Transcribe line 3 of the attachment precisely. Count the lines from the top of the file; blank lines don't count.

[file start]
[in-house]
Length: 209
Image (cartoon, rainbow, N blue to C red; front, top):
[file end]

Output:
Image (cartoon, rainbow, N blue to C red; front, top):